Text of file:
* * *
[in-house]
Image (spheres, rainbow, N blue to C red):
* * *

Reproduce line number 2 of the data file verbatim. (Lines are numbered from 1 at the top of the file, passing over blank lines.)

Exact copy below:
Image (spheres, rainbow, N blue to C red):